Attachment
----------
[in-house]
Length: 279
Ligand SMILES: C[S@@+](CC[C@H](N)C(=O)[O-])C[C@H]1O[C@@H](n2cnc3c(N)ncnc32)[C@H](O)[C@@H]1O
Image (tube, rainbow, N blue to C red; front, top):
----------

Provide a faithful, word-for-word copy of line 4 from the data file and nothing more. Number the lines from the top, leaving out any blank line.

Image (tube, rainbow, N blue to C red; front, top):